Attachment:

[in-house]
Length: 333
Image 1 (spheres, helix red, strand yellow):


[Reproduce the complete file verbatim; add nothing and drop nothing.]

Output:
[in-house]
Length: 333
Image 1 (spheres, helix red, strand yellow):